Steinberg: Happy days are here again

Ding Dong The Witch Is Dead!

The (putative) King is Dead!

The SoCal Baseball Empire Strikes Back!

Notwithstanding what metaphor you are able to mangle, a better day is coming for Los Angeles Dodgers fans. The sad, twisted reign of Frank McCourt holding the Dodgers hostage is coming to an end.

New "magical" ownership has made a deal to purchase the team. McCourt never had enough real wealth or financing to buy the team in the first place. He heavily leveraged everything he owned to barely meet the purchase price.

There were no resources left to pay competitively for players or enhance the roster. He used the team like a piggy bank to pay for a lavish lifestyle. This resulted in one of the premiere franchises in all professional sports becoming dysfunctional on and off the field. And Dodger fans suffered for it.

Fans were so angry at McCourt that they stayed away from Dodger Stadium in droves last year, in-park attendance was at an all time low. The beating and near-death of a Giant fan in the parking lot destroyed the illusion of the ballpark as a family friendly environment. Flooding the parking lots with dozens of mounted police was not a comforting image for a night of fun.

There were multiple bidders to purchase the Dodgers. Owning a venerated franchise in the nation's second largest media market, with 15 million people within 90 minutes of the stadium, is a license to mint money. The gross revenues of baseball have quintupled since the disastrous 1994 strike season.

Major League Baseball is rolling in revenue from fantasy leagues, marketing, signage and media. The next television contract with Fox will be so impressive that it will send all franchise values soaring.

What was critical in the process was to have a new ownership group with enough understanding of the Southern California market to rebuild the popularity of the team.

When the Dodgers came to Southern California in 1958, the O'Malleys marketed the region like it was a small Midwestern town. Their community outreach meant that Kiwanis night was followed by straight A student night and Little League night.

Their promotions with bobble-head and pennant and art giveaways enticed people to come. The commanding radio presence with the remarkable Vin Scully's dulcet tones carrying from one transistor radio to another pulled the community together. And in their second year here they won the World Series with stars like Sandy Koufax, Maury Wills and Don Drysdale. And they kept winning, with multiple rookies of the year, a set lineup that played together for years only to be replaced by another homegrown generation.

The purchase of the team by Fox initiated the decline followed by the dispiriting and unsettling reign of the McCourts.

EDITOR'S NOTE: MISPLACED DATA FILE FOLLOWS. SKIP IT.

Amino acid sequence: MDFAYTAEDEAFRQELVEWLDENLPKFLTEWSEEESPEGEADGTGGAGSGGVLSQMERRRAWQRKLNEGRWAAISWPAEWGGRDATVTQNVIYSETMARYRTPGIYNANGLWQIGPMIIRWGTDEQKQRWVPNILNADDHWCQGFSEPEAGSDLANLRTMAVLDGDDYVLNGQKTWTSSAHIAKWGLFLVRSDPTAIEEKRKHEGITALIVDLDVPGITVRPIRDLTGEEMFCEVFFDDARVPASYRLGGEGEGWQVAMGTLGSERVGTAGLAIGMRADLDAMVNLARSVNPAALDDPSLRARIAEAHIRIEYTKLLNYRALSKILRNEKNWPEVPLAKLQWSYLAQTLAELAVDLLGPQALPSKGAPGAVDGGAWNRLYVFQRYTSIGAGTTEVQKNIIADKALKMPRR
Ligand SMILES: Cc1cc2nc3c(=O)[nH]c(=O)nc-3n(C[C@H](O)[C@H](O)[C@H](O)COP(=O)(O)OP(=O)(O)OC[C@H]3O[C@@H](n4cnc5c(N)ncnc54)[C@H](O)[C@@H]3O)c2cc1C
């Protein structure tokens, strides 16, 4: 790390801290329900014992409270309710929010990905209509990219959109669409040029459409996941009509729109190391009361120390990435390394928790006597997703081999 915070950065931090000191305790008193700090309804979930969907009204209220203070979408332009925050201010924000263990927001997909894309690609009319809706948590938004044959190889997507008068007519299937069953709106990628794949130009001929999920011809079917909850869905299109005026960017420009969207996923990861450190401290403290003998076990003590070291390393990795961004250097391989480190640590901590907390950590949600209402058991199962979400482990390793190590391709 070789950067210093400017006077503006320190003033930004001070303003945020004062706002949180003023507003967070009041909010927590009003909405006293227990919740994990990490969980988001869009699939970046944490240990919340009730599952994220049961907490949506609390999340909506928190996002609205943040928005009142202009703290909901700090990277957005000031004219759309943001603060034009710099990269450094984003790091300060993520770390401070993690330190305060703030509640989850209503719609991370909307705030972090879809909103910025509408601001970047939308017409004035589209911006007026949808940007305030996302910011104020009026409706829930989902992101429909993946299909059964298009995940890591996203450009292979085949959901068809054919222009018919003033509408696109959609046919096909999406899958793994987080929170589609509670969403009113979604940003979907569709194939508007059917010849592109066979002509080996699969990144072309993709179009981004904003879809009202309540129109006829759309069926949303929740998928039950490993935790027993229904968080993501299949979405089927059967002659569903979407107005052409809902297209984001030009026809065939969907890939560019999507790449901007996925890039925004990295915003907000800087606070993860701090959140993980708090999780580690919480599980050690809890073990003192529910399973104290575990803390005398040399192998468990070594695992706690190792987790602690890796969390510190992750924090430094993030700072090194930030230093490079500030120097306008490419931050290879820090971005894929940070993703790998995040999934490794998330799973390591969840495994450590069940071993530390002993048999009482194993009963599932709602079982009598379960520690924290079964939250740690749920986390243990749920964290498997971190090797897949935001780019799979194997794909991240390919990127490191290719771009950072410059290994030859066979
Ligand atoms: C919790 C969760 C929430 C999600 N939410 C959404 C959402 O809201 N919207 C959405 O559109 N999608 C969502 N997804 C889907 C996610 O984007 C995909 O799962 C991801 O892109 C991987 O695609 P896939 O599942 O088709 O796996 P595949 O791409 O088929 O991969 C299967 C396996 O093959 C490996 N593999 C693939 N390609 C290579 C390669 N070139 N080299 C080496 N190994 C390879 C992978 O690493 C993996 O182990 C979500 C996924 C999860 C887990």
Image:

Enter the Guggenheim group with an unending cornucopia of resources. It is reported that they paid over $2.15 million to purchase the team. This represents an overpayment or premium of hundreds of millions of dollars. The reward for wholesale destruction of the Dodger franchise by Frank McCourt is that he may pocket hundreds of millions of dollars and potentially over a billion.

We don't yet know how much of the parking lots that were built into a separate company has been retained by McCourt. That extra 500 million dollars could have been used to retain current stars and rebuild the roster in free agency. It could be used to keep Dodger Stadium competitive with the new generation of fan-friendly profit centers built into new stadia across the league. Hopefully Guggenheim has some funds left over to repair the damage done to the franchise over these past years.

Forbes Magazine has estimated the value of the Dodgers at $1.4 billion, with the Yankees at 1.8.

The most encouraging aspect of the ownership group is the involvement of former-Laker Magic Johnson. He is a unifying force in SoCal, who has built a financial empire which has helped reenergize the inner city. He is admired for his open battle with H.I.V. And oh that smile. He will know how to rebuild the bonds between the team and the area. Stan Kasten is an experienced and successful executive who helped turn the Atlanta Brave into perennial contenders.

My father brought my brothers and I up to love both the Angels and the Dodgers. It baffles me that fans choose one or the other. They both represent our region and can bring fun and joy. So with the amazing free agent signings that Arte Moreno made to revitalize the Angels and the new Dodger ownership, Happy Days are Here Again for local baseball fans.

LEIGH STEINBERG is a renowned sports agent, author, advocate, speaker and humanitarian. His column appears weekly. Follow Leigh on Twitter @steinbergsports or

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